History Lesson: How the Grudge Saved New OrleansPosted: February 11, 2012
We’re here in Jackson Square, New Orleans. In my opinion it’s the most beautiful part of one of America’s most beautiful cities. New Orleans was a city that changed hands between the French and Spanish several times before finally becoming a part of the United States with the Louisiana Purchase. Yet it was nearly lost to the British twelve years later. The story of how a grudge helped save the city of New Orleans for the United States is a quite a tale from history. And who better to tell that story, legend, or cartooned anachronism better than our old friend Andrew Jackson.
You may remember President Jackson from an earlier piece I did called “How to Defend Your Honor“. It was quite fascinating to hear the intricate details on how to properly, professionally, and purposely kill your enemies. It remains one of the most popular pieces ever in the (short) history of The South Will Blog Again! As I promised a few months ago, we’d have Andrew Jackson back. So without further ado I present my old friend Old Hickory…
Hello again gentle readers. It’s been a few months since I’ve last guest blogged for this site. Since then I’ve been told it’s grown quite a bit in popularity. No doubt I had a good deal to do with it. People are always looking for dueling advice on the World Wide Web, and what better place to get it than this site? In any case I’m glad to see that the increased site visitation has plumb improved the quality of the drawings. It used to be much cruder around here. Why I looked like a Tom Turkey trying to squeeze out golden Goose eggs in that there last post. Doubtless I am more properly drawn and attired for this piece.
And what a piece it is. I get to talk about my SECOND favorite topic (the first is smoking poltroons)…revenge. And not just revenge against one rascal but an entire nation of rascals…the British. Now Southern Blogger has told me that y’all and the British are friends now and have been for some time. I keep forgetting that’s the case now…partly because I forget lots of things besides my enemies list. Well, bygones be bygones let me tell you the story of why I hate them redcoats and then what I did about it…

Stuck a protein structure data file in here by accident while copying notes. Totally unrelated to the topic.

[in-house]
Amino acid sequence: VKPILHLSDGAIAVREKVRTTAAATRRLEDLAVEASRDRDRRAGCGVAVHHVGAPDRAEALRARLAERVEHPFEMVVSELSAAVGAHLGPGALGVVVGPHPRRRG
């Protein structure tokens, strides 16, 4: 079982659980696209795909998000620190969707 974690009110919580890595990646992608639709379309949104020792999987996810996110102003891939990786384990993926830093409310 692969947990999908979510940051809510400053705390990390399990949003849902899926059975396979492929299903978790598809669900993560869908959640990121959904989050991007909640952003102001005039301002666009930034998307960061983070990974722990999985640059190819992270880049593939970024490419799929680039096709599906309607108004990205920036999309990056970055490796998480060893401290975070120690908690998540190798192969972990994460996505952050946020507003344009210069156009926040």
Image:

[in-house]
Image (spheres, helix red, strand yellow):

I was born in the Waxhaws. Some folks think that’s in South Carolina and some folks say it’s in North Carolina. We were never really sure. If it was in South Carolina we weren’t like them pink Palmetto sissy britches on here last week. Nor like that rascal John C. Calhoun I nearly strung up for sassin’. No, we were pure backwoods. That might surprise you being that I’m quite proper and all. Or maybe not.
My people were from Ireland but were Scotch Presbyterians. You call them Scotch-Irish today…well and lots of other things. Folks never did like my people. Well, my daddy died before I was born and me and my siblings well we come up real hard and all. Mother did the best she could and we all helped around the homestead. I was apprenticed as a boy but never did take the the trades much. I wanted to see action. And we got plenty of it during the end of the Revolutionary War.
Things were rough in the Western Carolinas. We had lots of in-fighting and feuding between the true Patriot side and them knock kneed Tories. I could give you the details but you might as well watch Mel Gibson’s “The Patriot” for the real story. He’s real good at telling history just the way it was.